Elementary treatise on physics, experimental and applied

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1868 - 861 pages

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Page 724 - Towards the end of the last century, and at the beginning of the present...
Page 40 - Every particle of matter, in the universe, attracts every other particle with a force, which is directly proportional to the product of their masses and inversely proportional to the square of the distance between them.
Page 348 - By a unit of heat is meant the quantity of heat necessary to raise the temperature of one kilogramme of water one degree centigrade, or more accurately from 0 to 1.
Page 71 - ... is equal to the weight of a column of water whose base is the...
Page 112 - Fig. 91. diameter, the edges of which are made to fit tightly, and are well greased. One of the hemispheres is provided with a stopcock, by which it can be screwed on the air-pump, and on the other there is a handle. As long as the hemispheres contain air they can be separated without any difficulty, for the external pressure of the atmosphere is counterbalanced by the elastic force of the air in the interior.
Page 348 - ... water But as, from the conditions of the experiment, they have each been receiving the same amount of heat, it is clear that the quantity of heat which is sufficient to raise the temperature of mercury through a certain...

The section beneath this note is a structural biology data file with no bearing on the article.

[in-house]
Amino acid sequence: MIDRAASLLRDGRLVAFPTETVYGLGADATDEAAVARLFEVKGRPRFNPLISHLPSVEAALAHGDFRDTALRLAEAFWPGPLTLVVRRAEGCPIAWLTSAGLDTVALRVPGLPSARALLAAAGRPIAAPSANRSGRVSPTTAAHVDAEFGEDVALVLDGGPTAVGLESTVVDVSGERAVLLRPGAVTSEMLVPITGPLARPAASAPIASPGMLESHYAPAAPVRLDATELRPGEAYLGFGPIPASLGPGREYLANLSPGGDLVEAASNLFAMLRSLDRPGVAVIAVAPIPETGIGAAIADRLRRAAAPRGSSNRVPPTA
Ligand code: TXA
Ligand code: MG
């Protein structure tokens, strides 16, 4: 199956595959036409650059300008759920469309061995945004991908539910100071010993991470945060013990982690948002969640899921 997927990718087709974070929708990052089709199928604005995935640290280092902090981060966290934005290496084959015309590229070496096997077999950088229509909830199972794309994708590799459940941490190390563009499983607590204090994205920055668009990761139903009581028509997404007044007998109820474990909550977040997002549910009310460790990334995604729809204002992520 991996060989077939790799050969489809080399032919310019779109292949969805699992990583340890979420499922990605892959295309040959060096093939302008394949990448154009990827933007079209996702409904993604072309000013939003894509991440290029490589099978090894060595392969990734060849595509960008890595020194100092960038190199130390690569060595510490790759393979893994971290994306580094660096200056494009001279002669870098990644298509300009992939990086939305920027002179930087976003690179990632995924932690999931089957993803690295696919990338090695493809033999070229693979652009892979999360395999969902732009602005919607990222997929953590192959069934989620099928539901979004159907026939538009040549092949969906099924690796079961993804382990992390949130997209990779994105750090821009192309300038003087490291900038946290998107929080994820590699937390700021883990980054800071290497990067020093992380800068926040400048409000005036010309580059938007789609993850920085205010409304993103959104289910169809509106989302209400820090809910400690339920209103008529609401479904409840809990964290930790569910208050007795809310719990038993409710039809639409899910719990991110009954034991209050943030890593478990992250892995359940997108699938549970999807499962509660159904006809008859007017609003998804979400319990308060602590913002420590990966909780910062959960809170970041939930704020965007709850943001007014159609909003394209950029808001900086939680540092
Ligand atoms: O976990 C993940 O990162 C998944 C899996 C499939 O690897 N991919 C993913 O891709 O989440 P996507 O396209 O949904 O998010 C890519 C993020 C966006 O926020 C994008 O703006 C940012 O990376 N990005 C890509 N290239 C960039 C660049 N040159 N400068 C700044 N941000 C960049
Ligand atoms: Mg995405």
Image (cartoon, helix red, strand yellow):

Page 246 - Specific gravity is the ratio of the weight of a certain volume of a substance to the weight of an equal volume of water. For liquids of limited solubility, the specific gravity will predict whether the product will sink or float in water.
Page 171 - So long as these sonorous waves are not obstructed in their motion, they are propagated in the form of concentric spheres ; but when they meet with an obstacle, they follow the general law of elastic bodies ; that is, they...
Page 300 - One of the bulbs is covered with muslin, and is kept continually moist by being connected with a reservoir of water by means of a string. Unless the air is saturated with moisture the wet bulb thermometer always indicates a lower temperature than the other, and the difference between the indications of the two thermometers is greater in proportion as the air can take up more moisture.
Page 452 - D is in the orange ray ; E, in the green ; F, in the blue ; G, in the indigo ; H, in the violet.

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